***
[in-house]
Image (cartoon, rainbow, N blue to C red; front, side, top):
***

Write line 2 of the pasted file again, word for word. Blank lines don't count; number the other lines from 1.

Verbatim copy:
Image (cartoon, rainbow, N blue to C red; front, side, top):